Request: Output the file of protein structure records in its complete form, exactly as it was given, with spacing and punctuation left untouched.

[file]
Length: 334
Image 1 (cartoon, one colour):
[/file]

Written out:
Length: 334
Image 1 (cartoon, one colour):